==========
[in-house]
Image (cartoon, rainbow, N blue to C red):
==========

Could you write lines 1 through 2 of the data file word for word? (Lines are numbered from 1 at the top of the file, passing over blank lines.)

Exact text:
[in-house]
Image (cartoon, rainbow, N blue to C red):